Yes, I think it is worth and that you do owe it to yourself to collect the most expert opinion(s)possible... and that means from doctors who focus on CLL and treat pretty much nothing but CLL. And it is a good idea to gather these opinions now, before you get too ill or immune-compromised to comfortably travel and stay away from home, and take in the information the specialist gives you. I don't know if you need to go as far as NYC and Dr. Mato (although he is very highly regarded). Good luck to you!

Yes, you should see a specialist. I have had CLL for 4 years and no treatment. I go to Dr. Choi in University of California, San Diego Medical Center. He specializes in CLL, that all he does. I live in Colorado but travel once a year to see him. Same problem fatigue and lumps on my neck.

Jim

Jim, I live in Arizona and go every six months to University of California, Irvine to see my specialist. I'm always interested in what she has to say and a specialist seems to do more in the way of blood work than the hematologist I see here once a month for blood work. I've given as many as 10 tubes of blood at UCI, vs two at my local hema. Someone said they found their specialist through this site and I did too. So happy to be part of this group of knowledgeable people all with the same disease. We are blessed to be here. Carole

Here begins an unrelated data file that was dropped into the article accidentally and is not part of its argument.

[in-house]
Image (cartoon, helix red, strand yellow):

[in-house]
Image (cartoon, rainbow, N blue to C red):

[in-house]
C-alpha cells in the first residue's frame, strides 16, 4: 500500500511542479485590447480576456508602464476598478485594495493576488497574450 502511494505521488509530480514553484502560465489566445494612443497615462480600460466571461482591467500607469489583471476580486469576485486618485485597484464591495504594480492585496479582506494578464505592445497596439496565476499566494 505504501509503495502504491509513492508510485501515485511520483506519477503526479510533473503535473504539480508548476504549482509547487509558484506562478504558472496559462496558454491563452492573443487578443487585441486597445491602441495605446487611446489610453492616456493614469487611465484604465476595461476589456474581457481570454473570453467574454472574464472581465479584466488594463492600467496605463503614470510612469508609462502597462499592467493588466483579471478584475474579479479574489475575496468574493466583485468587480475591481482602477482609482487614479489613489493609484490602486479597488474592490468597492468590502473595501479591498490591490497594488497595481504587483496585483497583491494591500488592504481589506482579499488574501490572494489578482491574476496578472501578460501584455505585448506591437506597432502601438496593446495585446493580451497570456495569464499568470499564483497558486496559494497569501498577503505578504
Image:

I had 6 consults including one in NYC. Moffit Center and Sylvester Cancer Center are also good choices. Sylvester is an NI H hospital. My physician is at Sylvester.

wizzard166
wizzard166 in reply to bayside64